By St. Maximus the Confessor
The divine Logos, who once for all was born in the flesh, out of his love for humanity always desires to be born in the spirit in those who desire Him. He becomes an infant and molds Himself in them through the virtues. He reveals as much of Himself as He knows the recipient can accept; He diminishes the manifestation of His own greatness not through lack of generosity, but because He recognizes the receptive capacity of those who desire to see Him. In this way the divine Logos is eternally made manifest in different modes of participation, yet in the surpassing nature of His hidden activity, he remains eternally invisible to all.
That is why the Apostle, when wisely considering the power of this hidden activity, says, “Jesus Christ the same yesterday, and today, and throughout the ages” (Heb. 13:8); for he sees the hidden activity as something which is always new and never becomes old through our understanding of it.
The great mystery of the incarnation remains a mystery eternally. Not only is what is not yet seen of it greater than what has been revealed—for it is revealed merely to the extent that it can be grasped by those who are saved by it—but in addition, even what is revealed still remains entirely hidden and is by no means known as it really is. What I have said should not appear paradoxical. For God is beyond being and [even] transcends all beyond-beingness; and so, when He wished to come down to the level of being, He became being in a manner which transcends being. Thus, too, although transcending man, yet out of love for man He truly became man by taking on the substance of man; but the manner in which He became man always remains unrevealed, for He was made man in a way which transcends man.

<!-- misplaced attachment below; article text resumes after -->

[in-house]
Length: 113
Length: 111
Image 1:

Let us then contemplate with faith the mystery of the divine incarnation and in all simplicity let us simply praise Him who in His great generosity became man for us.
These selections are from the First Century of Maximus’ Various Texts on Theology, the Divine Economy, and Virtue and Vice, sections 8, 12, and 13. The original Greek text may be found on the On Line Library of the Church of Greece website.
About the Author
- St Maximus the Confessor (c. 580—662) is one of the most important Orthodox theologians, a status reflected in his writings being given more pages in the Philokalia than any other writer. In the word of Fr John McGuckin, “Maximus seamlessly combines his theological teachings with a mystical vision of the Christian life as an ever-deepening communion with God.” His writings compel us to reach deeper and are eminently rewarding to the patient and contemplative reader.